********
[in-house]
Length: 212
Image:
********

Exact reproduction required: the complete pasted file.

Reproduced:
[in-house]
Length: 212
Image: